Workers at GE Aviation’s Lafayette, Indiana, jet engine-manufacturing plant were facing a problem. They had to hand-start 48 nuts in a tedious process that forced technicians to use repetitive wrist and hand movements.
A cross-functional team used lean management to come up with a creative solution, one that is now receiving acclaim from the Applied Ergonomics Society. The GE team recently won the society’s prestigious 2022 Ergo Cup in the competition’s largest category, Team-Driven Workplace Solutions with Internal Competitions.
“If you see something, say something,” said Kelsey Barnett, a technician at the GE Aviation factory that is assembling CFM International’s fuel-efficient LEAP engines (pictured above), which power the latest generation of Airbus and Boeing narrow-body jets. (CFM is a 50-50 joint company between GE and Safran Aircraft Engines.)
In assembling the LEAP engine’s compressor module assembly, technicians had to turn the nuts using only a quarter-inch socket extension and with limited visibility. The team developed computer-aided design software to draw up a prototype of a gear-driven socket wrench, borrowing on a gear-and-belt concept from another tool in use at the plant. The technicians added a small mirror to the wrench, which would allow them to see into the blind flange of the module and ensure that a nut is installed. The newly designed tool also allowed them to keep their arms, wrists and shoulders in a more neutral position.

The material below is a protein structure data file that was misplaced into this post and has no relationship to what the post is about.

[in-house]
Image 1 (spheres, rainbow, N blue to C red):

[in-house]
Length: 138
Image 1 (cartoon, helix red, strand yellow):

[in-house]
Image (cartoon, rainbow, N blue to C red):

The new nut assembly tool eliminates 16 ergonomic risk factors. It could generate an estimated injury prevention savings of $77,000 and result in an annual operational savings of $2,641. “Really small changes to your tool or work station can make significant improvements to your daily work life,” Barnett told GE Reports. Read here about other ways GE workers are applying lean techniques to improve ergonomics.
Image credit: CFM International